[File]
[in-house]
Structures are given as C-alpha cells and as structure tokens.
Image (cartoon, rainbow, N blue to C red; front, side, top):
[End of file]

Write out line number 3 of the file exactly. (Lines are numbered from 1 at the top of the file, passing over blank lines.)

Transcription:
Image (cartoon, rainbow, N blue to C red; front, side, top):